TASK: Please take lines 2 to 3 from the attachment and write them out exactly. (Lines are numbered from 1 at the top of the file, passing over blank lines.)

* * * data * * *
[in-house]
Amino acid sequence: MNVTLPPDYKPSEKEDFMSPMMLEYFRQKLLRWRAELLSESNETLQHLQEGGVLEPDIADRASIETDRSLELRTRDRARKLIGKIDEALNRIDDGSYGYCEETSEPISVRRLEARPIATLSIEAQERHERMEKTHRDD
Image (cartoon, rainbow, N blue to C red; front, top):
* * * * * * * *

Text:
Amino acid sequence: MNVTLPPDYKPSEKEDFMSPMMLEYFRQKLLRWRAELLSESNETLQHLQEGGVLEPDIADRASIETDRSLELRTRDRARKLIGKIDEALNRIDDGSYGYCEETSEPISVRRLEARPIATLSIEAQERHERMEKTHRDD
Image (cartoon, rainbow, N blue to C red; front, top):